Study after study has proven that music affects the brain positively or negatively depending on the circumstances. It can trigger memories, both good and bad, but the key phrase here is “trigger memories” as the wife of an Alzheimer’s patient in Wisconsin is finding out.
Bill Paese is an 82-year-old Alzheimer’s patient at the Rocky Knoll Health Care Center in Plymouth, Wis. For most of his life Bill sang in a barber shop quartet. According to his wife, Jean, an iPod playlist of barber shop music allows her to see glimpses of the man she married 53 years ago.
“He’s in there,” Jean told ABC News‘ Byron Pitts, “and sometimes we get to see him.”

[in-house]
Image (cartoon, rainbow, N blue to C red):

According to the Alzheimer’s Association, more than 5 million Americans are afflicted with the disease. It’s the 6th leading cause of death in the United States.
While researchers are careful to point out that listening to music is by no means a cure, it is believed that familiar music can activate enough areas of the brain to create connections and retrieve memories once thought lost.
In 2010, Dan Cohen, a social worker in New York, created the Music & Memory program in order for people to donate iPods for use by Alzheimer’s patients. To date the organization has collected approximately 10,000 iPods. The goal is 1 million. You can find information on how to donate here.
Music is truly amazing.